Scientists, chemists and marine biologists have scrambled for decades to find a magic potion to repel the hundreds of shark species that inhabit the world's oceans and seas. In the United States, research began in earnest during World War II because pilots and sailors constantly moved across shark-infested waters. Since then, in spite of many promising theories -- most recently using magnets and electropositive metals -- none have completely hit the mark.
Is it possible that native Indians in Mexico and Central America discovered a simple, yet effective, approach thousands of years ago? The Aztec Indians dangled strings of chili peppers from their canoes to ward off sharks in the water [source: Bavley]. The Cuna Indians in Panama still practice this custom today [source: Andrews].
Cultivated chilies made their way into Aztec cuisine and culture as many as 6,000 years ago [source: Perry and Flannery]. The Aztecs jazzed up their diets with the peppers, as well as exploited its medicinal properties to soothe sore throats. The pungent smoke and fiery juices from the plants also were used as weapons and punishments, manipulating its spice into a powerful, stinging irritant [source: Bavley].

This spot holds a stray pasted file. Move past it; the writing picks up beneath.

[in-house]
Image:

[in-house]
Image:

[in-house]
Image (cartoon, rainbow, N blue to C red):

Along with chilies, sharks played a prominent role in Aztec culture. The Pacific Ocean and Gulf of Mexico that bordered the Aztec empire are still home to many shark species. In 1978, archeologists discovered remnants of sharks' bodies beneath the ruins of the Aztec Great Temple, and those sharks most likely were sacrificed gifts to their gods [source: McDavitt]. They believed that the earth was created from an aquatic monster called the Cipactli, which has been compared to sharks, crocodiles and sawfish, and that the gods must be revived through regular sacrifice [source: McDavitt].
If the Aztecs had enough mastery over sharks to subdue and offer them as gifts to their gods, could they also have kept them at bay with strings of chili peppers? If you can stand the heat, head to the next page for the answer.